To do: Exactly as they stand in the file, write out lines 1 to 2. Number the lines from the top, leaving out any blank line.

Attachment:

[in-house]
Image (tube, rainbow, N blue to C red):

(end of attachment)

[in-house]
Image (tube, rainbow, N blue to C red):